Time, space and my limitations as a reviewer do not permit a detailed consideration of all twenty-one sonatas, nor am I convinced that every one is so meritorious as to qualify for Tirimo’s claim that they are “unjustly neglected”. Sometimes the young - was he ever anything else? - Schubert’s invention audibly flags and becomes repetitive, such as in the Scherzo from D850, but Tirimo clearly makes as persuasive a case as possible for them all. Many of the earlier sonatas are ambitious and virtuosic in scope and expression, while the middle period works are more often grand and imposing, a case in point being No.14 D784, which is by far the most sombre, weighty and powerful in that genre. Tirimo uses plenty of pedal to amplify the cavernous acoustic he desires and emphasises the left hand to provide gravitas; the whole mood is a typically paradoxical Schubertian amalgam of lonely despair and essential lyricism. The importation of the Adagio D505 to complete No.12 is very well conceived; its high seriousness providing stark contrast to the cheeky opening of No.7 which follows.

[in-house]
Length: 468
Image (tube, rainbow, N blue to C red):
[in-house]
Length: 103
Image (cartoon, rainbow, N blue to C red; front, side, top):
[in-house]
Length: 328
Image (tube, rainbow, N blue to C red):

The first disc begins with No.18, a noble, compelling work with an especially charming Allegro featuring the sound of bells in triple time. Tirimo’s playing here is lyrical, unshowy and unforced - delightful. It is quite a surprise to move on to No.5 which is so much more Mozartean and instrumental in mode; then we experience another mood in No.3 whose delicate, sighing Adagio has a much more vocal quality. Tirimo displays a subtle naturalness of phrasing then brings a supple, Viennese lilt to the “Allegro patetico”.
No.17 in CD2 is in “gran concertante” style and Tirimo easily rises to its demands for the crashing chords and rapid scales which so impressed and influenced Liszt. Even so, he remains equally adept at providing the lightness of touch required for the Allegro, one of whose main themes Brahms seems to have borrowed for his medley of student songs in his “Academic Festival Overture”.
His playing in No.13 D664 is notable for the finely judged rubato. I particularly enjoyed the power and conviction of Tirimo’s accounts of No.19 and my personal favourite, No.16, in which he perfectly captures both the dreamy wistfulness and the wild, desperate hysteria which alternate in the Moderato.